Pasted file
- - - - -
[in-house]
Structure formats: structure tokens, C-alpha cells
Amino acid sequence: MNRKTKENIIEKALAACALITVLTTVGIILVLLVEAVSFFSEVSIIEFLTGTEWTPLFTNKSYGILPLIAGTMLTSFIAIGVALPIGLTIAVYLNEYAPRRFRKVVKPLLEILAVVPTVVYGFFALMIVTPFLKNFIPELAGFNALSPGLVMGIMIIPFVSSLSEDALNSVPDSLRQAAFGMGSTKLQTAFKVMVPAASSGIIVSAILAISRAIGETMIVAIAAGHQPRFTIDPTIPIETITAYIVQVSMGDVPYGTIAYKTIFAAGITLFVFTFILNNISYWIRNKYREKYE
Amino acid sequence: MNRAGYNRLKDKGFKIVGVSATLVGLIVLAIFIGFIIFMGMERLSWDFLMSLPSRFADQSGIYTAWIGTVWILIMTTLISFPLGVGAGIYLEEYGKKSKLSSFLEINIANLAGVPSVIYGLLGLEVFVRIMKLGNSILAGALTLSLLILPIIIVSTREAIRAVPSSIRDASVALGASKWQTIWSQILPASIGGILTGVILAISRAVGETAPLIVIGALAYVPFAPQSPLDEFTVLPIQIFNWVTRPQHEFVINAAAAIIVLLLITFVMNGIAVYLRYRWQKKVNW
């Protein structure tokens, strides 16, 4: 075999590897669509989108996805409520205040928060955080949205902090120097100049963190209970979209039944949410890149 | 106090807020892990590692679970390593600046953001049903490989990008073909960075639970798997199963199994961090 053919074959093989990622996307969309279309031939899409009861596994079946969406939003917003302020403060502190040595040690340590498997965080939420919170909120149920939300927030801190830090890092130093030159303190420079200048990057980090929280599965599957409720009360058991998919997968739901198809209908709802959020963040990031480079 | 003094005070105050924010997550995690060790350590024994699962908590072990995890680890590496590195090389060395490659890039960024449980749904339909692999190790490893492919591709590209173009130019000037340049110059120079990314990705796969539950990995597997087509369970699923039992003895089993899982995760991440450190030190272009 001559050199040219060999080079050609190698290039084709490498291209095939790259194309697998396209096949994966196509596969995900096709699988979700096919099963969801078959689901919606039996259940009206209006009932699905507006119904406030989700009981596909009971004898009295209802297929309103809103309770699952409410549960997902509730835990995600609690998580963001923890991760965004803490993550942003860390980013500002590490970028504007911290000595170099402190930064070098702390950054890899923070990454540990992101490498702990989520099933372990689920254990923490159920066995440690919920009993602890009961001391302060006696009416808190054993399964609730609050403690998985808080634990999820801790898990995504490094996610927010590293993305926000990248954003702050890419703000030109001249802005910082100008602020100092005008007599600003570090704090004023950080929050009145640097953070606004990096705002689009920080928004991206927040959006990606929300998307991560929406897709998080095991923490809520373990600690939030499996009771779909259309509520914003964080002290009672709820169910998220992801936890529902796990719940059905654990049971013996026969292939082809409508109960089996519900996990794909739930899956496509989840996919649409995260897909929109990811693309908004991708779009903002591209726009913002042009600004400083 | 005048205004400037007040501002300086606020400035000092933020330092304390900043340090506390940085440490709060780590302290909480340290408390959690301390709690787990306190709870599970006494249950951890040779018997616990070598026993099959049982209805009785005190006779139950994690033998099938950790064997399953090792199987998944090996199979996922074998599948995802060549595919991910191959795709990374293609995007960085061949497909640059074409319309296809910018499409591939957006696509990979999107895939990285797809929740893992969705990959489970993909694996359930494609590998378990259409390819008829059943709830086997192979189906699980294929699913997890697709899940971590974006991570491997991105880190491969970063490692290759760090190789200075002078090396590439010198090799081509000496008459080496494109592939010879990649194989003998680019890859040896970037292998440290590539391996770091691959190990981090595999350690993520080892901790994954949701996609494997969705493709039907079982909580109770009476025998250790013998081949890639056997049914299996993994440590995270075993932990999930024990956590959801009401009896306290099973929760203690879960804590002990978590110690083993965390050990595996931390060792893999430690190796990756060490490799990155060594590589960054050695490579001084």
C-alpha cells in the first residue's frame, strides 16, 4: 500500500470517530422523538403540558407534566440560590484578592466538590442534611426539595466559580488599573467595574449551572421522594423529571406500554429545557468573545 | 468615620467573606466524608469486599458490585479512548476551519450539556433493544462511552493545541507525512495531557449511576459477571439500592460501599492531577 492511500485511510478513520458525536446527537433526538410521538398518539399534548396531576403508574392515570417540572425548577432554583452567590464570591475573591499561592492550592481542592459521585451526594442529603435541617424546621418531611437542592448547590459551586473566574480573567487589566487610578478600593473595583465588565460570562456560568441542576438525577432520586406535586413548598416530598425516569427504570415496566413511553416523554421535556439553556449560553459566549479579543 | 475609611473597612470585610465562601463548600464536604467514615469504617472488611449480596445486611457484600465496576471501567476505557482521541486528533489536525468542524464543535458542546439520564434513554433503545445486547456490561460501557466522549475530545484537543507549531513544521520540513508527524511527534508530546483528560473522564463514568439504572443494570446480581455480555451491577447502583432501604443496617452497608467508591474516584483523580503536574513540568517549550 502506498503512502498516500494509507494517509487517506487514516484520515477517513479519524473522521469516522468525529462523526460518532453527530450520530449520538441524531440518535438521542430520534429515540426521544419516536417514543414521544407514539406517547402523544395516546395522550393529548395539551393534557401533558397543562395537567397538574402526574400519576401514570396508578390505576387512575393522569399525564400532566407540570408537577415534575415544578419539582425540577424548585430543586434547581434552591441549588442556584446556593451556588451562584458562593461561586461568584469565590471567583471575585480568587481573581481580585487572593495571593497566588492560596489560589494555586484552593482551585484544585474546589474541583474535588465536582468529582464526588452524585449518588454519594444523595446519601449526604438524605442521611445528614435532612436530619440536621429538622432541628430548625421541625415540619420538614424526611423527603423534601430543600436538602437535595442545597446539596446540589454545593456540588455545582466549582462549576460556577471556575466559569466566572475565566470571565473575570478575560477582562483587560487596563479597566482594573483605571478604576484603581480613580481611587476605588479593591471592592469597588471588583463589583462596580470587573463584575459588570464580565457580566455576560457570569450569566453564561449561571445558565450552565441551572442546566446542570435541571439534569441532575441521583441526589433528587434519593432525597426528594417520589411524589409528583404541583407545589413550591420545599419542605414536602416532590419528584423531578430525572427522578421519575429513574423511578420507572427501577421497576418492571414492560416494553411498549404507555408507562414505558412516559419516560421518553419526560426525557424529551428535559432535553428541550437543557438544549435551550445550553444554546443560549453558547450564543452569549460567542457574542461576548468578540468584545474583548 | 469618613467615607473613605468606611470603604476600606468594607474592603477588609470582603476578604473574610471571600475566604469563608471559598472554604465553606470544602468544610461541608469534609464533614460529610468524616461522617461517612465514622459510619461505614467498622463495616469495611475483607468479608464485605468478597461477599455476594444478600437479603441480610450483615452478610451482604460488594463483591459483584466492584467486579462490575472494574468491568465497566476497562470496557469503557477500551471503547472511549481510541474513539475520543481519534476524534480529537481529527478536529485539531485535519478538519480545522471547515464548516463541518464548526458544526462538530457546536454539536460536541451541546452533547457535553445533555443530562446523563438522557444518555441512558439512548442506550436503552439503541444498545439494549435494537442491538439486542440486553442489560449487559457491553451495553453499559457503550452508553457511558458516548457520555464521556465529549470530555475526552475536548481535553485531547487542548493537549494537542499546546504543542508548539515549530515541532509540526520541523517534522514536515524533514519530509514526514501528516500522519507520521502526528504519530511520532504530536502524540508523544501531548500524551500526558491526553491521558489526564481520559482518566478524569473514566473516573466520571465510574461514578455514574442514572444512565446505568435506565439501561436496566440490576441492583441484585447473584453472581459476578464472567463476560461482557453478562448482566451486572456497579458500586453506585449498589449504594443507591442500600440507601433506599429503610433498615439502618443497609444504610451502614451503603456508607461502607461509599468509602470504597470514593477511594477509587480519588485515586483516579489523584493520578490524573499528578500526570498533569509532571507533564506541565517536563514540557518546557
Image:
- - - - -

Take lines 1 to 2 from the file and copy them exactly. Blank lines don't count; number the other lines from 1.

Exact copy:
[in-house]
Structure formats: structure tokens, C-alpha cells